One indicator is edibility, in which case food waste is considered edible if there is a point in its life cycle when it could be eaten by humans. Otherwise, it is described as inedible. Some of the food products that are considered inedible include bones, scales, vegetable stalks, animal and fruit skins, and fish intestines, among others. Food products that are considered to be biologically edible but lack demand also fall under the category of inedible products, as they cannot be reallocated for consumption by humans. It follows that the edibility of food waste is a function of both time and space or geographical area. Types of food that are sold/bought together with their inedible parts, for example, fruits and their skins, are considered edible.

Another indicator is state, a characteristic that assesses only the edible food products, and takes the form of either eatable or uneatable. A food product is eatable if, at the time of its management as food waste, it still has properties that make is fit for consumption by humans. Otherwise, the state of a food product is described as uneatable. Food products need further processing to be fit for the market or human consumption are considered to be in the eatable and unprocessed state. Food products can go from being eatable to being uneatable if they are damaged by activities along with their supply chain, for example overcooking during manufacture, spillage or spoilage during distribution, or expiry at the time they reach potential consumers. Food products that contain both eatable and uneatable parts are managed wholly as uneatable.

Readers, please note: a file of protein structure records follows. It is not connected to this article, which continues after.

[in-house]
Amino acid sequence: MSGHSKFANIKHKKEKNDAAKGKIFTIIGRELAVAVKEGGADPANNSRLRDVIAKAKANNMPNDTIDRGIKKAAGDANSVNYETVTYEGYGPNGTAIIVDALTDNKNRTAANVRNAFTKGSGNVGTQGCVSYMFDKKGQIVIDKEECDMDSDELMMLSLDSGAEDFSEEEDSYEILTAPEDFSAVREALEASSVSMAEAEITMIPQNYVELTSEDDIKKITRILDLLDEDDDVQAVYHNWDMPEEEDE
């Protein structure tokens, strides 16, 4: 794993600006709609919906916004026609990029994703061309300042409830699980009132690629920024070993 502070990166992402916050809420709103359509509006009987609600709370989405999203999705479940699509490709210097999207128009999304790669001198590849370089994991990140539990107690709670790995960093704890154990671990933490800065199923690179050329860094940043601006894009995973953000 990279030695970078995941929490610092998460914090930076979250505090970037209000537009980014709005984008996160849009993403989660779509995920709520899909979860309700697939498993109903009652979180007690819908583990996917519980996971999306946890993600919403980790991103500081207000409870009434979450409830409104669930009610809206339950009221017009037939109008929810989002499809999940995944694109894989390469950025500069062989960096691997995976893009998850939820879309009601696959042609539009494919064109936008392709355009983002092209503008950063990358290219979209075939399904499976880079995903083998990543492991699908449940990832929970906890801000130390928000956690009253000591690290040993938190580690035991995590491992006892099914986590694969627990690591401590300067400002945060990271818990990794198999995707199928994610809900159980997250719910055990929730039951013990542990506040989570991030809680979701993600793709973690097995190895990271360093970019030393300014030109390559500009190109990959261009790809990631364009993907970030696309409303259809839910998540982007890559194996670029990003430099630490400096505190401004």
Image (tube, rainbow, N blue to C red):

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A third indicator is origin. Food products that are produced by animals, or are parts of animals, are described as being animal-based products. These include fish, dairy products, pork, honey, chicken wings, eggs etc. food that is produced by plants, or are parts of plants, are described as plant-based. Food products that are both plant-based and animal-based are described as either of which ingredient is predominant. If the predominant ingredient is plant-based, the food product is classified as plant-based. Otherwise, it is classified as animal based.